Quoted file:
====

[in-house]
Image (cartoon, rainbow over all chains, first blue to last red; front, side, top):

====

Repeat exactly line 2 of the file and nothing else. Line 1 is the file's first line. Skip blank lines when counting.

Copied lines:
Image (cartoon, rainbow over all chains, first blue to last red; front, side, top):